Meandering Around Minara Masjid

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Revisiting the area around Minara Mosque in Crawford Market was the same yet different this year. For one, it was not raining which was a positive relief to me. Carrying an expensive DSLR camera around in pouring rain wasn’t an experience I was looking forward to.

All of you, who are new to this page, must be puzzled already by the oblique references. You can go back to an earlier post aptly named “Twelve Pots A Simmering” for more details. I was in the streets near Crawford Market in Bombay where during Ramzan food stalls crop up and swell in size as they get ready to serve the devout Muslims breaking their fasts after sundown. The virtual cornucopia of food attracts foodies irrespective of their religion, bloggers intent on covering the nuances of this eat street and photographers keen to photograph it all.

I claim membership of the last three groups and had plenty to keep me occupied. The food was delicious and the glow of the bare bulbs cast interesting shadows as I tried to capture the spirit of the place.

We didn’t go for the quails this time but there was plenty for the carnivores. Beef, mutton, chicken in various forms all lovingly coated with a thick layer of oil accompanied by tandoori or roomali rotis (flat breads) and parathas . There was kidney, trotters and tongue for the adventurous and desserts galore.

A stomach filled to dangerous levels prevented me from trying out the delicious biriyani but didn’t stop me from making the obligatory visit to Suleiman Mithaiwala. From the previous year I remembered that the malpua (a kind of deep-fried pancake) was too eggy for me, but the delicious mango and saffron phirnis (rice puddings) didn’t let me down. With a promise to be back again I wrapped up this three-hour food and photography marathon.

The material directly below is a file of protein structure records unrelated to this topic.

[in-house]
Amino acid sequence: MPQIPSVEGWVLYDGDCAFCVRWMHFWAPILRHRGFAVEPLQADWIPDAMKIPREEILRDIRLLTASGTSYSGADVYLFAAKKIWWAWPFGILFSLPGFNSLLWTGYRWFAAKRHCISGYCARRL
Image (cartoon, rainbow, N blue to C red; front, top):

Chinese and Grill is one of the well-known restaurants of this area and a special mention has to be made of the extremely colourful, but of dubious authenticity, dish of Thread Chicken these young men were obviously enjoying. Enough to keep the cash registers ringing through the night.

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The Magic of HDR (TMH)

FLYER HDR

The Magic of HDR (TMH)

Theia Photography presents The Magic of HDR – a workshop by UMESH DAUNDKAR on High Dynamic Range (HDR) photography.

If you have been wondering what HDR is, what you need to start, and how to create it or if you are not happy with your efforts at creating HDR images which get more bouquets than brickbats, this is the workshop for you.

Frequently Asked Questions

What separates TMH from other workshops?

• It’s the time and attention we put into each workshop to see that you have the most amazing experience of a lifetime. The course content is thoroughly discussed and then finalized just before the workshop keeping in mind the skill levels of the participants. The mentors have years of experience in their respective fields and spend considerable time and effort to ensure that the content is easy to understand and pertinent to your needs.

What can I expect to learn on your workshop?